Shane Jackson, 32, resides in Atlanta, GA, but flies to New York often to visit his family at their home in Cortlandt. Jackson is vice president of Asset Management for Spring11, LLC, an Atlanta company that offers commercial real estate transaction services. Jackson graduated from Cornell University in 2013, with a bachelor of science degree. 

 Valley Greens 

 Bond suggested to Jackson and Berte the idea of opening a dispensary after hearing about the CAURD license program in the summer of 2022. At the time, Bond had a passion for cannabis, sparked during college when cannabis helped him overcome stomach issues. 

 “When I was in college, I had a stomach ulcer. I had trouble eating in the morning and getting an appetite,” Bond said. “A friend told me to explore with some cannabis and it was really the only thing that helped me regain my appetite. From there, I became intrigued by everything cannabis.”

 In November 2022, the first provisional CAURD licenses were approved, allowing licensees to open the first retail dispensaries for legal adult-use cannabis sales in New York State. In order to be eligible for a CAURD license, the application must be led by someone who is both justice involved, has business ownership experience, and has a significant presence in New York State. (Justice involved means someone whose life was impacted by a conviction for a marijuana-related offense. This conviction can involve the applicant, a parent, spouse, or child.) Applicants have their licenses approved by the state Cannabis Control Board and issued by the Office of Cannabis Management.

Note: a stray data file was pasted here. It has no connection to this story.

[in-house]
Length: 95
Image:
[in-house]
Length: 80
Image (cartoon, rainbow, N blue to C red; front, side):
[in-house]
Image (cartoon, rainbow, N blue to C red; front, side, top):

Realizing that the trio of friends met the requirements for a CAURD license, Valley Greens applied in September 2022 for a license which was granted in June of this year. “I was always involved in entrepreneurship and business as a whole. When this opportunity came around, it was kind of a perfect fit. It was tailor made for me,” Bond said

Berte also shared a similar experience as Bond, using cannabis in his adult years to help with digestion issues. Speaking with the Herald, Jackson admitted that prior to this cannabis venture, he was not a dedicated consumer like his colleagues, but has begun experimenting more. Jackson joined the Valley Greens team mostly due to his interest in the business side of the dispensary. 

 They arrived at the name Valley Greens with the clock ticking on the time required to submit a name. “The window to apply was so small. We kept coming up with names but our accountant kept kicking them back saying ‘they’re already taken’.  The last hour, we came up with Valley Greens,” said Bond. They liken it to a grocery store, where you need to pick up your greens every week. 

Valley Greens is working with Peekskill Planning Director Jean Freidman and hopes to open their doors mid-December but the date is subject to change due to variables out of their control like the injunction ordered by state Supreme Court Judge Kevin Bryant last Friday. According to Friedman, Valley Greens will need a special permit and site plan approval from the Planning Commission. They haven’t submitted an application yet.